Thursday, March 12, 2015

Coal-reliant Ky. is ground zero in climate-change battle; poor rural residents to pay higher costs

In Kentucky, where 93 percent of power generation comes from burning coal, some groups "say efforts to wall off the state's coal-dependent utilities from competing sources such as natural gas and distributed solar power are leading to higher costs for Kentucky's poorest communities," Joel Kirkland reports for EnergyWire.

One problem is that the Kentucky General Assembly is dominated by coal-friendly conservatives who aren't open to sustainable alternatives, Kirkland writes. "Anything that touches on energy is fiercely political in Kentucky and all the more so as the Obama administration presses on with plans to counter climate change," even though the Environmental Protection Agency's mandate for carbon-emission reductions in Kentucky is one of the nation's lowest. (EnergyWire map; for specific figures for each state, click here)
"Elected officials here are taking a scorched-earth approach to opposing Obama administration policies that affect utilities and nearby coal fields," Kirkland writes. "Kentucky is arguably the epicenter of opposition to EPA's Clean Power Plan, which would require states to cut carbon dioxide emissions from their power sectors by varying amounts through 2030." Longtime Kentucky Sen. Mitch McConnell, the Senate Majority Leader, has even called on states to ignore the rules. State Democrats haven't been much help either. Attorney General Jack Conway, the leading candidate for the state's Democratic nomination in this year's race for governor, "joined a multi-state lawsuit aiming to stop a final carbon rule."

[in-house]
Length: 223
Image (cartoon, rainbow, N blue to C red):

"The 'just say no' campaign now embraced by McConnell and the state legislature comes from the playbook of Washington's powerful coal lobby," Kirkland writes. "At the top of that heap is the American Coalition for Clean Coal Electricity, which is run by Mike Duncan, a top Republican powerbroker. In Kentucky, Duncan is simply known as the chairman and CEO of the small Inez Deposit Bank in Inez, Ky., a friend of McConnell's and an old-school guardian of coal interests. Seemingly, the result is a state energy policy set in granite until EPA finalizes a rule."

"Under the Clean Power Plan, Kentucky would have to cut its power-sector carbon emissions rate 18.3 percent between 2012 and 2030," Kirkland writes. "In part because the state is so reliant on coal to keep the lights on, EPA's reductions target for Kentucky is among the lowest in the 13-state regional grid operated by PJM Interconnection, which serves 61 million people across the Mid-Atlantic region and Midwest." (Read more)

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